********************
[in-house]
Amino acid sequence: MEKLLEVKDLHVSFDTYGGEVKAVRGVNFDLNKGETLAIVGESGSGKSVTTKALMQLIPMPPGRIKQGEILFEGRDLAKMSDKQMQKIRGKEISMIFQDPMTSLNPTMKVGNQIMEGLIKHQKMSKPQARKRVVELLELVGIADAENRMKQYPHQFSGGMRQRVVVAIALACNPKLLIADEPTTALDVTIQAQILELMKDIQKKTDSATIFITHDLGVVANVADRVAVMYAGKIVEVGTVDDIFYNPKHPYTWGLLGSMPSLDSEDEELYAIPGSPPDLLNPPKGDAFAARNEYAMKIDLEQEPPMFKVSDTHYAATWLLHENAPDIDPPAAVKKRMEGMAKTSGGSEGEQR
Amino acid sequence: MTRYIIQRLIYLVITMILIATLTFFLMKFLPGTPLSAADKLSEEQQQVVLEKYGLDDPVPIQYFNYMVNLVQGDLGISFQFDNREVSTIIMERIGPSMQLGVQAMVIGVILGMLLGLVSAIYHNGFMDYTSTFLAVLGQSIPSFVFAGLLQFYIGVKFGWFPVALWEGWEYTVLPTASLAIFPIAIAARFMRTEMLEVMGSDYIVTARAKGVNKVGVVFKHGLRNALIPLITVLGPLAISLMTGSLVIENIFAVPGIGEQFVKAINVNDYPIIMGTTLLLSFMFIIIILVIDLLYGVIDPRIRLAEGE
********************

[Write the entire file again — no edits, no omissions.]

[in-house]
Amino acid sequence: MEKLLEVKDLHVSFDTYGGEVKAVRGVNFDLNKGETLAIVGESGSGKSVTTKALMQLIPMPPGRIKQGEILFEGRDLAKMSDKQMQKIRGKEISMIFQDPMTSLNPTMKVGNQIMEGLIKHQKMSKPQARKRVVELLELVGIADAENRMKQYPHQFSGGMRQRVVVAIALACNPKLLIADEPTTALDVTIQAQILELMKDIQKKTDSATIFITHDLGVVANVADRVAVMYAGKIVEVGTVDDIFYNPKHPYTWGLLGSMPSLDSEDEELYAIPGSPPDLLNPPKGDAFAARNEYAMKIDLEQEPPMFKVSDTHYAATWLLHENAPDIDPPAAVKKRMEGMAKTSGGSEGEQR
Amino acid sequence: MTRYIIQRLIYLVITMILIATLTFFLMKFLPGTPLSAADKLSEEQQQVVLEKYGLDDPVPIQYFNYMVNLVQGDLGISFQFDNREVSTIIMERIGPSMQLGVQAMVIGVILGMLLGLVSAIYHNGFMDYTSTFLAVLGQSIPSFVFAGLLQFYIGVKFGWFPVALWEGWEYTVLPTASLAIFPIAIAARFMRTEMLEVMGSDYIVTARAKGVNKVGVVFKHGLRNALIPLITVLGPLAISLMTGSLVIENIFAVPGIGEQFVKAINVNDYPIIMGTTLLLSFMFIIIILVIDLLYGVIDPRIRLAEGE